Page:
Mary Ellen Avery, MD
Mary Ellen Avery, MD, a longtime ATS member and a pioneer in pediatric medicine, died on December 4th, 2011, at the age of 84. Dr. Avery is best known for her groundbreaking discovery that respiratory distress syndrome (RDS) in premature newborns is caused by a lack of surfactant, the foamy coating that helps lungs expand.
“Her passing is a great loss for the countless premature infants who survived because of her scientific inquiry, and for all those physicians and scientists who care for infants and children and who have benefited from her many contributions to the field of pediatrics,” said Howard Panitch, MD, chair of the Society’s Scientific Assembly on Pediatrics.
Dr. Avery graduated from Wheaton College in 1948 with a degree in chemistry and enrolled at the Johns Hopkins School of Medicine, where she was one of only four women in a class of 90. She was diagnosed with tuberculosis shortly after graduating in 1952 and became interested in lung disease during her recuperation.
Following her recovery, Dr. Avery completed her internship and residency at Johns Hopkins and then began a research fellowship at the Harvard School of Public Health. It was here that she made her discovery of the connection between a lack of surfactant in the lungs of premature infants and RDS, for which she was awarded the National Medal of Science in 1991 by President George Bush.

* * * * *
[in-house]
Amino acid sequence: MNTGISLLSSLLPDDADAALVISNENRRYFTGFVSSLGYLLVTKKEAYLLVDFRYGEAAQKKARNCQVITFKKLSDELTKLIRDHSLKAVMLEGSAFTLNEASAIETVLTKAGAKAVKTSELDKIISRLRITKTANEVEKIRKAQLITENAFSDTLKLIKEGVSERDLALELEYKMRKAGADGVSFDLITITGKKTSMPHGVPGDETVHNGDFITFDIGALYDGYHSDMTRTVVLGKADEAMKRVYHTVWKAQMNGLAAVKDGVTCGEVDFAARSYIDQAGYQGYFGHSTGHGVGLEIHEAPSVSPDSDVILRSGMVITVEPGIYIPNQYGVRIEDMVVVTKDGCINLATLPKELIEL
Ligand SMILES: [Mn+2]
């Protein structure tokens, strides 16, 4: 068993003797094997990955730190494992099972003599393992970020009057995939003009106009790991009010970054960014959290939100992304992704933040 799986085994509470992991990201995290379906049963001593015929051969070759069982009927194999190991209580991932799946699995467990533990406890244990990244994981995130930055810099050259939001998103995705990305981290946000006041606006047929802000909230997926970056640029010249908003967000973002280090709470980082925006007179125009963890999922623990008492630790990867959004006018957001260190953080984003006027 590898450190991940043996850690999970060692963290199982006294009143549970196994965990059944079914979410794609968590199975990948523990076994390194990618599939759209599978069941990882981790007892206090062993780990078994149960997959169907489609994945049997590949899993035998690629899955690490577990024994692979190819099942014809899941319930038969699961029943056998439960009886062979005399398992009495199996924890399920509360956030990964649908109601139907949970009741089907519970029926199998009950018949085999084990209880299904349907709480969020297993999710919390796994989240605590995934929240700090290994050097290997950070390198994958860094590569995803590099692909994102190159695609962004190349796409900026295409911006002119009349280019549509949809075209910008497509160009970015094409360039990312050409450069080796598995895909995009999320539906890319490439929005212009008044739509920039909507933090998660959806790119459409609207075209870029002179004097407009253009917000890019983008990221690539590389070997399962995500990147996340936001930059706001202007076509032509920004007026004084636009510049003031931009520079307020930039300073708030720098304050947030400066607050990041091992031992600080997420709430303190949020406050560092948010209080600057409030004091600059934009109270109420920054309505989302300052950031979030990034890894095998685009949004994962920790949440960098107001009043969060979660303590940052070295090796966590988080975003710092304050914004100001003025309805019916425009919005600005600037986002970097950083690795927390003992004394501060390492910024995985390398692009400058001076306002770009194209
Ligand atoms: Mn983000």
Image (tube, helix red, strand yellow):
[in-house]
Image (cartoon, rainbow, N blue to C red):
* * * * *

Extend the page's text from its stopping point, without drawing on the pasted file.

Dr. Avery joined Harvard and Children’s Hospital Boston in 1974. During her tenure as physician-in-chief, she became the first woman to chair a major clinical department at Harvard Medical School. She was elected to the National Academy of Science in 1994 and was the first pediatrician to serve as president of the American Association for the Advancement of Science. She received the Trudeau Medal from ATS in 1984. Dr. Avery is the author of several widely used textbooks, including The Lung and Its Disorders in the Newborn Infant.
Dr. Avery “was a trailblazer from the beginning,” said Jamed Mandell, MD, CEO of Children’s Hospital Boston. Her death “is a great loss to both the Children’s family and the global pediatric community, but her legacy lives on in every premature infant who would not have survived without her work.”